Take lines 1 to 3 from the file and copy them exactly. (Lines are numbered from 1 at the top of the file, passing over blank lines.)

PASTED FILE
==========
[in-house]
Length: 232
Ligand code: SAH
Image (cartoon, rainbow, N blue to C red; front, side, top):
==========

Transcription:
[in-house]
Length: 232
Ligand code: SAH